Kingdom of Sri Ksetra
|c. 3rd to 9th century CE–c. 1050s|
|Religion||Buddhism, Animism, Vaishnavism|
|Historical era||Classical Antiquity|
• Founding of Kingdom
|c. 3rd to 9th century CE|
• Launch of Burmese calendar
|21 March 640|
• Duttabaung ascends to throne
|25 March 739|
• Fall of Kingdom
Sri Ksetra (Śrī Kṣetra, Burmese: သရေခေတ္တရာ ပြည်, Burmese pronunciation: [θəjè kʰɪʔtəjà pjì]; lit. "Field of Fortune" or "Field of Glory"), located along the Irrawaddy River at present-day Hmawza, was once a prominent Pyu settlement. The Pyu occupied several sites across Upper Myanmar, with Sri Ksetra recorded as the largest, the city wall enclosing an area of 1,477 hectares, although a recent survey found it enclosed 1,857 hectares within its monumental brick walls, with an extramural area of a similar size, being the largest Southeast Asian city before Angkor times. Issues surrounding the dating of this site has meant the majority of material is dated between the seventh and ninth centuries AD, however recent scholarship suggests Pyu culture at Sri Ksetra was active centuries before this.
Sri Ksetra is the site for much of the Pyu artistic legacy. The arrival of Buddhism into the Pyu cities saw the increased artistic production, with very little surviving from the earlier period of occupation. The vast arraying of surviving material indicates a rich visual culture that was endorsed by the Pyu at Sri Ksetra. The Chinese pilgrims Hsuan-tsang in 648 and I-tsing in 675 mentioned the name of Sri Ksetra as “Shh-li-cha‟- t‟o-lo” and that it was a Buddhist country.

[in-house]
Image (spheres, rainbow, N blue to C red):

The Pyu at Sri Ksetra declined in prominence around the ninth century AD. The final mention of the Pyu is found at Pagan, with a twelfth century stone featuring inscriptions in Pyu, Mon, Burmese and Pali.
See also: Pyu city-states
Burmese legends greatly differ from the reconstruction of Pyu history by scholars. A widely held belief, based on the interpretation of the extensive interdisciplinary evidence suggests that Sri Ksetra was founded between the fifth and seventh centuries by the Pyu people. This interpretation has been challenged by the scholars who have argued that it was occupied earlier than these dates. Radiocarbon dating tested on charcoal found at Sri Ksetra produce dates to between 50 – 200 AD, a timeframe that is significantly earlier than previously considered. This early date in the first centuries of the first millennium AD would place the Pyu as one of the earliest urbanised people in Southeast Asia. During two excavation seasons, January to February 2015 and December 2015 to February 2016, led by Janice Stargardt in Yahanda mound at Sri Ksetra, early sherds stamped with Buddhist motifs were found, later dated c. 340 +/- 30 CE  and Pyu culture cremation burials around 270 +/- 30 CE.